Types of Electric Vehicles in India You Need to Know About
Most consumers in India will consider buying an electric vehicle by 2022, according to a 2020 report by lubricant major Castrol, but most of them also agree that the majority of new cars purchased would not be electric until 2025.
There are also several upcoming electric vehicles in 2021. Take, for example, the Mahindra XUV300 Electric, an all-electric variant powered by a 130-hp electric motor with a 30-kWh battery to provide a single-charge range of over 300 km. Or the BMW i3, which is supposed to be lighter in the segment and to fly on a single charge for a distance of 128-150 km. The Tata Altroz EV will come with a 30 kWh battery that, on a single charge, will give a range of around 300 km. Triton Electric Vehicles, also based in the US, plans to launch its N4 sedan starting at Rs 35 lakh in India.
However, before learning more about the new launching or already launched electric vehicles, let us first understand the types of electric vehicles available in India.
There are namely three different types of electric vehicles available in India, they are:
Hybrid Electric Vehicles (HEVs).
Plug-in Hybrid Electric Vehicles (PHEVs).
Battery Electric Vehicles (BEVs).
Hybrid Electric Vehicles and their examples:
HEVs are a mixture of both traditional sources, i.e. petrol & diesel, and renewable sources, i.e. electricity, as the name implies. To recharge the battery, electrical energy is provided by the car’s braking system. ‘Regenerative braking,’ is a mechanism in which the electric motor helps slow the vehicle down and uses some of the energy that the brakes usually convert to heat.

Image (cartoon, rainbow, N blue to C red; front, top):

Since there is already a range of electric vehicles on the market, ranging from electric cars, e-bikes, and e-buses to e-rickshaws and more, it is important to distinguish between them according to their nature.
The electric motor starts off the vehicle in HEVs and the petrol engine takes over as the load and speed grow. The engines are both powered by an internal computer.
The electric motor starts off the vehicle in HEVs and the petrol engine takes over as the load and speed grow. Both engines are controlled by an internal computer that guarantees the best economy for driving conditions.
Some examples of HEVs are-
Honda Accord Hybrid: The latest Accord Hybrid has numerous features that make it one of the most desirable cars in 2021. It has features like the hybrid powertrain, power flow monitor, and EV mode.
Price in India – 44,28,000 Indian Rupees
Mileage – 23.1 kmpl
Engine – 1993 cc
Fuel Type – Hybrid ( Electric+Petrol)
MG Motor ZS EV: The vehicle has a 44.5 kWh battery that delivers a range of approximately 340 km on a single charge. The ZS EV comes with a sky roof and an integrated air purifier. This electric car comes with projector headlamps, daytime running LED lights, an 8-inch infotainment touchscreen system, a panoramic sunroof, Android Auto, and the likes of Apple Car Play.
Price in India – 23,58,000 Indian Rupees
Mileage – 340 km/full charge
Engine – Lithium-ion Battery
Fuel Type – Electric
Plug-in Hybrid Electric Vehicles and their examples:
Both electricity and petrol powers these vehicles and are also known as Extended-range Electric Vehicles (EREVs). PHEV uses two ways to recharge the battery; one by regenerative braking and the other by plugging into an external charging station.